Monday, February 23, 2015

ARC Review: Nothing Like Paris by Amy Jo Cousins


Jack Tarkington’s life is in the toilet. He was supposed to be spending his junior year studying someplace cool like Paris or Rome. Instead, after taking out his anger on the campus “golden boy”, whose dad ripped off his parents, Jack is facing possible expulsion.

Sure, it’s all his own fault, but coming back to the small Iowa town he thought he’d escaped, after crowing about his admission to a prestigious school, has been a humbling experience.

When he runs into Miguel, Jack braces for backlash over the way he lorded it over his old friend and flame. Instead, Miguel offers him friendship—and a job at his growing farm-to-table store and café.

Against the odds, both guys bond over broken dreams and find common ground in music. But when Jack’s college gives him a second chance, he’s torn between achieving a dream that will take him far from home, and a love that strikes a chord he’ll never find anywhere else.

Dani's rating:

Jack, harassing Tom to the brink of despair, was such a quintessential villain in book 1 of Cousins' Bend or Break series, I wanted to stomp on him and then spit for good measure.

But I suspected there was more to Jack's defensive posturing than met the eye. Jack suffered when his parents lost their life savings to Tom's scheming father. His dreams of reinventing himself in Paris flew out the window.

Angry, carrying a boulder on his skinny, hipster shoulders, Jack, the bullied in high school, became the bully. Jack is the kid of an alcoholic mother and indifferent father. The only power he had was leaving small town Iowa behind.

Forced to come home with his tail between his legs, Jack seeks out Miguel: his ex best friend, ex boyfriend, ex everything.

Miguel was lost when Jack left for college without saying goodbye. But Miguel was never going to leave, choosing his Mexican-American family, their farm, the familiar road. Now that Jack's back, Miguel puts a shield around his heart. He's not ready to have it shattered again.

Only Jack calls Mike, "Miguel." Jack likes to show the world that Mike is HIS. These two have many wounds to heal, but the road to redemption is paved with more than good intentions.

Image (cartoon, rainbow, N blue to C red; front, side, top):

I am totally in love with Amy Jo's characters. They are imperfect. And real. They hide and blaze. They strut and cry.

Both MCs carry a torch; both are angry. And their struggle to pull and push and give and punish is pretty fucking angsty.

There are kisses in Miguel's farm-to-table cafe, a Batman on a roof, a high school counselor who gets it, pranks and laughter, a sexy game of pool during lesbian night, and gazing at the stars.

There's the guitar. And the banjo. And the MUSIC. These two . . . they make beautiful music together.

Jack has to come to terms with his resentment and jealousy toward Tom, the "golden boy" Jack tried so hard to be. He comes to see that he is blameless for his mother's addiction and that he can give, even when it doesn't serve him.

And Miguel realizes that he can't save Jack, and that he isn't entirely blameless; he needs to be needed, but maybe he needs Jack as much as Jack needs him.

[Miguel] would be needed for as long as Jack to stay . . . and that would be enough. It had to be. Because staying angry at Jack had been hard when Jack had left him. It was impossible when Jack needed him.

There's some serious passion here, a connection, a LOVE buried but not forgotten: two boys becoming men who know they are only complete when they're together.

And there's a HEA, the kind that will make you sing at the top of you lungs and whip out your banjo, even if you don't know how to play.

"I learned a new song for you."

"Yeah? What is it?" [Jack] couldn't wait to sing with this man once more. A million times more.

"The chorus goes something like this," Miguel said and sang in his ear about coming home.

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